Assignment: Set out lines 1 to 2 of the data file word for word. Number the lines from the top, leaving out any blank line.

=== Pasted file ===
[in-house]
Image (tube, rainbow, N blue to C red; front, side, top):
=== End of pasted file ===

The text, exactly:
[in-house]
Image (tube, rainbow, N blue to C red; front, side, top):